The Cabaret Project presents its annual Trivia Night Fundraiser on Friday, May 6, from 7-10 p.m. "Show us how much trivial knowledge you have stuffed in your brilliant mind! This is our annual fundraiser to support the St. Louis Cabaret Festival in July 2016 and our new educations programs. PRIZES FOR TOP TWO TABLES! RAFFLES, 50/50 and GENERAL FRIVOLITY GUARANTEED.” Hosted by Phil Donato, The Trivia Guy. Contact Tim Schall at info at to join the fun! Doors open 6:30, Trivia begins at 7:00 p.m. Water, soda light snacks provided. For more information:

My take: Let me be up front here and admit that I'm on the board of The Cabaret Project. But having said that, I should point out that the reason I'm on the board is that TCP is doing important work in promoting, developing, and sustaining the art of cabaret in St. Louis. Right now we do that mainly by sponsoring the monthly open mic night at Tavern of Fine Arts and bringing St. Louis audiences the annual St. Louis Cabaret Festival, but fundraisers like this one will enable us to expand into other areas such as education and audience development. So come on down and show your trivia smarts; we'd love to see you. And you might even wind up sharing a table with some local cabaret stars.

Held Over:

The Sound of Music
Photo: Matthew Murphy
The Fox Theatre presents the classic Rodgers and Hammerstein musical The Sound of Music opening Tuesday, April 26, and running through May 8. "The hills are alive! A brand new production of THE SOUND OF MUSIC, directed by Jack O'Brien, is coming to the Fox. The spirited, romantic and beloved musical story of Maria and the Von Trapp Family will once again thrill audiences with its Tony®, Grammy® and Academy Award® winning Best Score, including "My Favorite Things," "Do-Re-Mi," "Climb Ev'ry Mountain," "Edelweiss" and the title song." The Fox is on North Grand in Grand Center. For more information:

My take: I haven't seen any reviews yet and my schedule probably won't allow me to see this, but how can you go wrong with this Rodgers and Hammerstein classic? The original stage show isn't as sentimental as the often-criticized film and a big revival is long overdue. This particular production has been gathering very positive reviews as it makes its way across the USA.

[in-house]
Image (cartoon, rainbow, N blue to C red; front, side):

Trash Mabceth
Equally Represented Arts presents Trash Macbeth running through May 7th. "Lady Macbeth says, 'What's done cannot be undone.' But can it be repurposed? Based on Shakespeare's iconic tragedy, ERA's experimental production Trash Macbeth resuscitates meaning within a climate of destruction, reestablishes the societal norms of America's most traditional era, and reframes the value of our revered Shakespeare, housewifery, and garbage. Trash Macbeth is a full-length, theatrical production created by an ensemble of theatre artists with text from Shakespeare's Macbeth, Emily Post's Etiquette, the book of Revelations, Dr Benjamin Spock's Common Sense Book of Baby and Child Care, and 1950's era advertisements." Performances take place at The Chapel, 6238 Alexander Drive. For more information:

My take: In a review of the original St. Louis University production of this last October, 88.1 KDHX reviewer Sarah Richardson wrote that "[t]he fates that are spun and the lives unwound in this tragedy reach astounding dramatic heights thanks to a marvelous alchemy of all the elements of theatre: design, staging, performance, and text...A delicious, theatrical nightmare par excellence." Reviewing the current version for KDHX, Steve Callahan calls it "a most remarkable evening of theatre." This is a chance to see the play done by the ensemble whose founder, Lucy Cashion, created the piece for St. Louis U. last fall. Ms. Cashion has made a name for herself locally for her ingenious reworkings of classic plays.